Monthly Archives: June 2012

The Immortal Rules

The Immortal Rules by Julie Kagawa

In a future world, vampires reign. Humans are blood cattle. And one girl will search for the key to save humanity. Allison Sekemoto survives in the Fringe, the outermost circle of a vampire city. By day, she and her crew scavenge for food. By night, any one of them could be eaten.

Some days, all that drives Allie is her hatred of “them.” The vampires who keep humans as blood cattle. Until the night Allie herself is attacked–and given the ultimate choice. Die…or become one of the monsters.

Faced with her own mortality, Allie becomes what she despises most. To survive, she must learn the rules of being immortal, including the most important: go long enough without human blood, and you will go mad.

Then Allie is forced to flee into the unknown, outside her city walls. There she joins a ragged band of humans who are seeking a legend—a possible cure to the disease that killed off most of humankind and created the rabids, the mindless creatures who threaten humans and vampires alike.

But it isn’t easy to pass for human. Especially not around Zeke, who might see past the monster inside her. And Allie soon must decide what—and who—is worth dying for.

4 Stars

Thank you, Julie Kagawa, for allowing Vampires to retain their horror in this novel.

We have some honest to goodness ferocious vamps who must feed on human blood (no copping out and drinking animal blood in Kagawa’s world). Good, old fashioned fear of the sun (no sparkling, thank goodness). We have vampire masters and minions. Some of it feels like a mix of elements from Dracula, Interview with a Vampire, and Buffy the Vampire Slayer (but not in a bad way).

Which brings me to the main character. A resourceful female with believable character development! And she’s Asian and wields a Katana!! Now that Allie is the thing she’s always hated the most, the topic of her diet is a constant concern for her (obviously). If she goes too long without drinking, her feral instincts take over and she’ll attack (and most likely kill) whoever she can get at first. So she struggles a lot with how to feed without being the monster she’s always loathed. Her character development is pretty believable and I will definitely be reading the next book in this series when it’s released.

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Posted by on June 27, 2012 in 4 Stars, Reviews


Evolution, Me & Other Freaks of Nature

Evolution, Me & Other Freaks of Nature by Robin Brande

Your best friend hates you. The guy you liked hates you. Your entire group of friends hates you.

All because you did the right thing.

Welcome to life for Mena, whose year is starting off in the worst way possible. She’s been kicked out of her church group and no one will talk to her—not even her own parents. No one except for Casey, her supersmart lab partner in science class, who’s pretty funny for the most brilliant guy on earth.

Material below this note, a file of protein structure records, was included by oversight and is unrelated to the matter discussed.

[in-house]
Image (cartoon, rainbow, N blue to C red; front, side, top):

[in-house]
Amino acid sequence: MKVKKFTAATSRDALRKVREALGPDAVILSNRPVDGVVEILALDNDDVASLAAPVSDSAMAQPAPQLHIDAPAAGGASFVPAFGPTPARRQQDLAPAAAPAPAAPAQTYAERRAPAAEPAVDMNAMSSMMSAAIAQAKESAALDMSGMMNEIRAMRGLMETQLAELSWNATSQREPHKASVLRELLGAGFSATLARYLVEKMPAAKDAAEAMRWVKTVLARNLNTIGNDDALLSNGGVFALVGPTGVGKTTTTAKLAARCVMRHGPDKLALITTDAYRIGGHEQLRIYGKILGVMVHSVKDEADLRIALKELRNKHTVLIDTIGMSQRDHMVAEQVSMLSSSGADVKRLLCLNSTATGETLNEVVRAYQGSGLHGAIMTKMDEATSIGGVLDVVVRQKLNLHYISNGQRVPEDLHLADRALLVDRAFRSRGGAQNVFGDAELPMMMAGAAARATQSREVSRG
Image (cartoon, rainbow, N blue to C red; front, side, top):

And when Ms. Shepherd begins the unit on evolution, school becomes more dramatic than Mena could ever imagine . . . and her own life is about to evolve in some amazing and unexpected ways.

1 Star

Before I start my rant, let me give credit where credit is due.

The main characters are fairly interesting. There are churches like the one portrayed in the book (though I’ve only heard of them). There are Christians (or at least professing Christians) who believe in Evolution.

That being said, here are my problems with this book. (Now, I waited some time before writing this so it didn’t turn into a flame review, so some details may now have escaped me.)

1. The false dichotomy. Brande sets the story up and basically gives the reader two options. The crazy cult church who believes in Creationism (as taught in the Bible) but who are inept at defending their beliefs and who in many ways does not act like a Christian should. OR The rational, good, kind Christian evolutionists. In this book, there’s no in between. Creationism in this book is equated with unbalanced, unbiblical believers.

2. It would be nice if Brande did her homework on such things as the fossil record. Now, I’m not a scientist by any means, but I know enough from a couple college classes to know that Brande casts broad generalizations and completely ignores the evidence pointing to Creation as shown in the Bible. She doesn’t address the problem of having Evolution begin before the Fall and she doesn’t address the lack of fossils to support Evolution. A lot is just presupposed. Now, I understand this is a work of fiction, but that’s not a good excuse for shoddy research. And since the main plot is her struggle with this topic, these things should be addressed.

3. Now, this one made me really mad… taking the Bible out of context. Several times the main character takes Scripture out of context to erroneously support Evolution.

Note: I am a believer, and I fully believe in Creation as it is given in the Bible. Microevolution, which we see among species, can be seen and proven and is supported by Scripture (“kinds” in Genesis). Macroevolution is a theory and a worldview and in many ways a belief system (or religion). Many evidences in creation can be read through this lens or through Creationist lens (for instance, Evolutionists and Creationists have different views on such things as the Grand Canyon). Either way, you’re reading your own view onto the evidence.


Posted by on June 1, 2012 in 1 Star, Reviews


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